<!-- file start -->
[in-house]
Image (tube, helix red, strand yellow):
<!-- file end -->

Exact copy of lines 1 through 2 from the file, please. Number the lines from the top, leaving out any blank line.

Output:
[in-house]
Image (tube, helix red, strand yellow):